Recent articles on automation in mining and fast foods reinforce that the new reality is that many jobs and occupations in a wide range of industries are likely to disappear sooner rather than later.
The mining story comes from the MIT Technology Review. Its entitled This truck is the size of a house and doesn’t have a driver. The article reports on mining companies across the planet using machines to do work traditionally done by miners. They write (emphasis added):
Rob Atkinson, who leads productivity efforts at Rio Tinto, says the fleet and other automation projects are already paying off. The company’s driverless trucks have proven to be roughly 15 percent cheaper to run than vehicles with humans behind the wheel, says Atkinson—a significant saving since haulage is by far a mine’s largest operational cost. “We’re going to continue as aggressively as possible down this path,” he says.
Trucks that drive themselves can spend more time working because software doesn’t need to stop for shift changes or bathroom breaks. They are also more predictable in how they do things like pull up for loading. “All those places where you could lose a few seconds or minutes by not being consistent add up,” says Atkinson. They also improve safety, he says.
The fast food story is from Business Insider. It takes on more significance because its about an interview with then Carl’s Jr. and Hardee’s CEO Andy Puzder, who is President Trump’s Labor Secretary nominee. Business Insider writes:
The CEO of Carl’s Jr. and Hardee’s has visited the fully automated restaurant Eatsa — and it’s given him some ideas on how to deal with rising minimum wages. “I want to try it,” CEO Andy Puzder told Business Insider of his automated restaurant plans. “We could have a restaurant that’s focused on all-natural products and is much like an Eatsa, where you order on a kiosk, you pay with a credit or debit card, your order pops up, and you never see a person.”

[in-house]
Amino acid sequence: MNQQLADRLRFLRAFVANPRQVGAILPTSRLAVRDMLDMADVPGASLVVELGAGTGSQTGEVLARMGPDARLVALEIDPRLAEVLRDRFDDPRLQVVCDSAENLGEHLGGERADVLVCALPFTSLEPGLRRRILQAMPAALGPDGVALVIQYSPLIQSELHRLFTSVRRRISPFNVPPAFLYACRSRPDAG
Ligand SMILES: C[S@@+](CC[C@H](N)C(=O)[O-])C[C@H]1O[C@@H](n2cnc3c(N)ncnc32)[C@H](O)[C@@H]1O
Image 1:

The mining story is about automating relatively high paid jobs, the fast food story about automating lower wage jobs. At some point we are going to have to learn and develop policies that are aligned with the reality that many jobs and occupations in a wide range of industries can and will be automated. And there is nothing public policy can do––and almost certainly shouldn’t try to––to stop this.
All of this is put into perspective in a New York Times’ article entitled The Long-Term Jobs Killer Is Not China. It’s Automation. The Times writes:
The changes are not just affecting manual labor: Computers are rapidly learning to do some white-collar and service-sector work, too. Existing technology could automate 45 percent of activities people are paid to do, according to a July report by McKinsey. Work that requires creativity, management of people or caregiving is least at risk.
This is the reality we need our elected officials to deal with. How to have a mass middle class in an economy where more and more jobs can and will be automated away is not clear. But we need policymakers and advocates engaged in figuring out what to do, rather than promising that they can make the old economy work again.